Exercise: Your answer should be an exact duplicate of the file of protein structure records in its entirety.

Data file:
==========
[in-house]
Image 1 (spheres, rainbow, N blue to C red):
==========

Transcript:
[in-house]
Image 1 (spheres, rainbow, N blue to C red):